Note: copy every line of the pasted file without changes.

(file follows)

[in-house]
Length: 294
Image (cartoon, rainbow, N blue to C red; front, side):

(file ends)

[in-house]
Length: 294
Image (cartoon, rainbow, N blue to C red; front, side):